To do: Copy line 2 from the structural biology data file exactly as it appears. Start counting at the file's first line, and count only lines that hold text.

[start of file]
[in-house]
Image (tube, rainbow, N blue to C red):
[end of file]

Image (tube, rainbow, N blue to C red):